i hate the sound of guitars

an expat dc punk in massachusetts

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25 jan 2016

25 Jan 2016 · No Comments

  1. They Might Be Giants – listened to the most recent kids’ album and the most recent grown-ups’ album, and they sorta blurred together, but I think I liked the former better.
  2. Flesh World – Sort of a sequel band to Brilliant Colors, gothy post-punk (or is that post-punky goth>). I like this, especially the early-Throwing-Muses-gone-shoegaze jitter of “To Lose Me,” but it feels a bit safe.
  3. Sally Timms – Thinking about Marti Jones’ voice leads me down another nostalgia hole, this time one with Mekons chanteuse Timms’ “To the Land of Milk & Honey” at the bottom of it. I bought this disc at a show, and if my memory is right, it was Timms herself who introduced me to the music of Barbara Manning that night, urging a copy of “Sings with the Original Artists” on me. “All these guys play on it,” she said, “but it has better songs.” So that’s next weeks’ nostalgia hole, probably, but “Junk Barge” and “Longing, Madness, and Lust” at the very least, belong on some mythical best-of-Mekons-related best-of box set.
  4. Hinds – Hinds are from Spain, but they have hazy tremolo guitar strumming and delicate ‘verbed-out leads, stacked and counter-sung harmonies that sound quintessentially Californian to me, and like the best Cali pop bands they mix cheer, sneer and melancholy. RIYL Best Coast or, especially, Colleen Green.
  5. Shooting Gallery – Maybe the saddest entry in Andy McCoy’s discography of too-often squandered potential, Shooting Gallery reunites Hanoi Rock’s guitar player with Dave Tregunna, from McCoy’s short-lived Cherry Bombz project and also the Lords of the New Church, for an album of competent but uninspiring and uninspired sub-Guns’n'Roses hard rock.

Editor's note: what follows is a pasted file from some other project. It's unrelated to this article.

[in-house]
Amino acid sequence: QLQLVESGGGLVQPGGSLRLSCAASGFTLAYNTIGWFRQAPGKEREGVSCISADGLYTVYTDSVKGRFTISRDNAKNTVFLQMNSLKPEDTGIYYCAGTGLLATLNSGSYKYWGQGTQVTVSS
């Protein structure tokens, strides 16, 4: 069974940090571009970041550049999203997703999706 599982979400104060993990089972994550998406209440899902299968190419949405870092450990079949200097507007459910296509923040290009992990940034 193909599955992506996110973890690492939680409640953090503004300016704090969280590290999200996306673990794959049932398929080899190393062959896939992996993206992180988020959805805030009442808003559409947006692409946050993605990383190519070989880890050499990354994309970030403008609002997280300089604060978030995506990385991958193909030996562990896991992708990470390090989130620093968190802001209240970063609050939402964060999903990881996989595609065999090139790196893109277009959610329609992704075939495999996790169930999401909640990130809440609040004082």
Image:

6. The Fawns – Fawns’ fronter Lesa Bezo’s songs are characterized both by her sharply observed, but fundamentally warm lyrics, and a knack for the sort of unforced melodic hooks that seem already half-familiar. The band’s new long player sets the songs in arrangements with Byrds-ian chiming guitars, a dash of twang, and a bit of indie rock crunch. Deserves to be way better known, I think.
  7. Orchid – I used to listen to Transistor Transistor and Wolves a lot, so I guess it’s actively odd that I never heard Orchid before. I wish someone would do a Pete Frame-style family tree of all those bands I like with that genre name I refuse to use.
  8. Sports – Many bands with this name, listening to the Ohio pop-punks with a cuts-through-the-mix singer, squarely in Swearin’, Candy Hearts, All Dogs, Bad Banana sorta territory.
  9. The Bears – Back in my college DJ days The Bears self-titled album and “Rise and Shine” showed up one day, with zero fanfare — without, as far as I remember, a one-sheet — I played those records without knowing in advance that Adrian Belew was involved, and so I mentally filed them with some of the other kinda-new-wave, kinda-roots-y stuff I was digging on at the time, like labelmates the dB’s, and, especially, Let’s Active. I’d heard (and liked, mostly) the 3rd album, a decade and a half later, but if felt fundamentally different – much more careful prog craftpeople making a pop, but not too pop record. I didn’t even know til last week that a 4th album came out back in 2007, but it slid by without making a big impression. Little too tasteful, maybe.
  10. Chorusgirl – unlikely but appealing blend of Lush-ish shoegaze textures and Best Coast-y surf/garage tunes. “This Town Kills” is a standout for me (perhaps because it’s maybe a bit too much like Radiohead’s “Creep”).

Tags: 2016 · weekly top